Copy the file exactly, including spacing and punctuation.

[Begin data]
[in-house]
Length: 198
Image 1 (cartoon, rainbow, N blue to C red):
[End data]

[in-house]
Length: 198
Image 1 (cartoon, rainbow, N blue to C red):